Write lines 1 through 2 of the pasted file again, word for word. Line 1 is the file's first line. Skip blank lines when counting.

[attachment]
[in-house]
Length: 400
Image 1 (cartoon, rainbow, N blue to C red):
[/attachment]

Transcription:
[in-house]
Length: 400